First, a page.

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Australia’s family law system is about to undergo its most significant changes for about 20 years. The reforms are aimed at modernizing and simplifying the family law system and to place a greater emphasis on safety for families, and children. How the Courts will interpret and implement the changes remains to be seen, however, one thing that is certain is that family lawyers and self-represented litigants need to be prepared for the dynamism of family law that is to come.

What are the key reforms?

The key reforms are:

  1. Removal of the presumption of equal shared parenting responsibility. Under the current law, there is a rebuttable presumption that the parents of a child will share the responsibility for making decisions that affect the child in the long-term. The reform in this regard is to place a greater emphasis on safety, and, accordingly, the new law will require an order to be made for joint decision-making, if it is safe to do so, and, if it is not safe to do so, then an order may be made for one parent to have sole decision-making power.
  2. Removal of the mandatory consideration of equal or substantial and significant time. Under the current law, if parents are to share parental responsibility, the Court must first consider whether the child or children spending equal time with both parents is in their best interests, and, if not, then whether the children spending ‘substantial and significant time’ with the non-resident parent is in their best interests. This led to a misinterpretation that equal time is a presumptive starting point. Under the new law, the Court will be required to examine what arrangements will promote the safety of the child and each person who has care of the child, amongst other considerations.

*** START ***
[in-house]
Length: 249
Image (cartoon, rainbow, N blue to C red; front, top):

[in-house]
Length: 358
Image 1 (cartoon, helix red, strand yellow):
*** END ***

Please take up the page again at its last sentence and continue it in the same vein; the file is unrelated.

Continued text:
3. The creation of a legislative pathway for parents, and other people concerned with the welfare of children, to re-open proceedings after final orders have been made. This reform effectively writes into the legislation what is referred to as the Rule in Rice v Asplund which is a 1979 case that sets out the standard that is required for the Court to restart parenting proceedings after a final decision or agreement has been made. This reform makes this aspect of the law more accessible for self-represented litigants.

Other important reforms include the creation of a new duty for parties and lawyers to act consistently with the overarching purpose of the family law practice and procedure provisions with associated cost consequences for failing to comply with the provisions.  Changes have also been made to the way information is shared between the Court and agencies responsible for the care and protection of children, such as Police and State Child Protection bodies.

Where to from here?

For children in Western Australia whose parents are or were married, the changes will take effect from 6 May 2024 and will apply to all cases, whether new or existing, unless a trial is underway when the provisions take effect. The changes will also take effect from 6 May 2024 for children whose parents were not married, except in Western Australia. The WA parliament is in the process of making mirror amendments to the law that covers the children of de facto couples in WA, however, at this stage, no announcement has been made as to when the changes will apply.

If you or anyone you know needs help understanding how the changes may affect your/their case, please contact our family law team at Lynn & Brown Lawyers.

About the Author: Mitchell holds a Bachelor of Arts degree majoring in Psychology from Macquarie University in Sydney and a Diploma in Law from the Law Extension Committee of the LPAB in NSW.  In 2019, Mitchell moved to Perth and was admitted as a Barrister and Solicitor in the Supreme Court of Western Australia in August 2020.  Mitchell has practiced solely in the family law sphere since being admitted and joined the Lynn and Brown team as a lawyer in November 2021.

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